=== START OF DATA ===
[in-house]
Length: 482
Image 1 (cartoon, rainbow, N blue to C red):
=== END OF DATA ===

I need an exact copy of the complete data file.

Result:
[in-house]
Length: 482
Image 1 (cartoon, rainbow, N blue to C red):